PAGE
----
- Fluctuations of the Casimir potential above a disordered medium, N. Cherroret, R. Guérout, A Lambrecht, S Reynaud, Eur. Phys. J. C 69 (2015) 9
We then explored the statistical properties of this Casimir-Polder interaction between a dielectric sphere and a three-dimensional heterogeneous medium, by means of extensive numerical simulations based on the scattering theory of Casimir forces. The simulations allowed us to confirm previous predictions for the mean and standard deviation of the Casimir potential, and gave us access to its full distribution function in the limit of a dilute distribution of heterogeneities. These predictions were compared with a simple statistical model based on a pairwise summation of the individual contributions of the constituting elements of the medium.
- Statistical approach to Casimir-Polder potentials in heterogeneous media, N. Cherroret, R. Guérout, A Lambrecht, S Reynaud, Phys.Phys. Rev. A 92 (2015) 042513
Casimir-Polder forces in a structured quantum vacuum
Atoms or molecules placed above nanostructured surfaces can be used as local probes of the vacuum as it is modified by the surface structure.
The scattering approach provides an exact analytical expression for the dispersive Casimir-Polder potential between a ground-state atom and a rectangular grating, for arbitrary values of the grating amplitude and period, and of the atom-grating distance
- Dispersive interactions between atoms and nonplanar surfaces, R. Messina, D. A. R. Dalvit, P.A. Maia Neto, A. Lambrecht, and S. Reynaud, Phys. Rev. A 80, 022119 (2009)
When the separation distance is large enough, the potential tends to become a sinusoidal function along the direction transverse to the grooves. This is due to the fact that the higher the harmonic Fourier components of the wave-vector the faster they decay far from the surface. Comparing the exact results with the ones obtained for the potential for a flat surface taken at the local atom-surface distance (proximity force approximation) reveals that the latter overestimates the potential strength above the plateau, but underestimates it above the groove. The deviation increases strongly as the atom is laterally displaced closer to a corner, where the presence of the ridge walls have a stronger effect
- Casimir-Polder interaction between an atom and a dielectric grating, Contreras-Reyes A. M., Guérout R., Neto P. A. M., Dalvit D. A. R., Lambrecht A., Reynaud S., Phys. Rev. A 82, 052517 (2010)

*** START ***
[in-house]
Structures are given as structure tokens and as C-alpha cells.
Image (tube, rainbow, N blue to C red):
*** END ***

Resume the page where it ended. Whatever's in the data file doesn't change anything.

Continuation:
Disordered geometrical boundaries such as rough surfaces induce profound modifications to the mode spectrum of quantum vacuum. In analogy to Anderson localization of waves induced by a random potential, the Casimir-Polder interaction between a cold atomic sample and a rough surface also produces localization phenomena. These effects, that represent a macroscopic manifestation of disorder in quantum vacuum, should be observable with Bose-Einstein condensates expanding in proximity of rough surfaces.
- Disorder in Quantum Vacuum: Casimir-Induced Localization of Matter Waves, Moreno G. A., Messina R., Dalvit D. A. R, Lambrecht A., Neto P., Reynaud S., Phys. Rev. Lett. 105, 210401 (2010)
A rotating corrugated material plate can be used to stir, through the Casimir-Polder interaction, quantized vortices in an harmonically trapped Bose-Einstein condensate. The emergence of such vortices within the condensate cannot be explained with a computation of the Casimir-Polder potential based on the pairwise summation approach or on the proximity force approximation. It thus appears as a quantum vacuum torque, a genuine signature of non-trivial geometry effects on vacuum fluctuations,which is strong enough to provide a contactless transfer of angular momentum to the condensate.
- Driving quantized vortices with quantum vacuum fluctuations, Impens F., Contreras-Reyes A. M., Maia Neto P. A., Dalvit D. A. R, Guérout R., Lambrecht A., Reynaud S., EPL 92, 40010 (2010)
Nanospheres above a surface
The Casimir interaction between a dielectric nano-sphere and a metallic plate is of particular interest for the study of quantum states of nano-particles in the vicinity of surfaces.We have obtained exact numerical results by using the multiple scattering theory developed for the study of Casimir forces in the plane-sphere geometry.
Analytical asymptotic forms have been derived for small spheres and large or small distances, which offers the possibility to investigate the transition between bulk mirrors and atoms. The usual Casimir-Polder formula is recovered at the limit of vanishingly small spheres, while an expression that behaves better at small distances (proportional to the inverse distance and not to the third power of the inverse distance) is found for any finite value of the radius.
- Casimir interaction between a dielectric nano-sphere and a metallic plane, A. Canaguier-Durand, A. Gérardin, R. Guérout, P.A. Maia Neto, V.V. Nesvizhevsky, A. Yu. Voronin, A. Lambrecht, and S. Reynaud, Phys. Rev. A 83, 032508 (2011)
Some novel applications of this study have been investigated using ultra-cold neutrons (UCN), in a collaboration with Valery Nesvizhevsky and his colleagues at Institut Laue-Langevin (ILL) in Grenoble, Lebedev Institute in Moscow and JINR in Dubna. They are described in a dedicated page.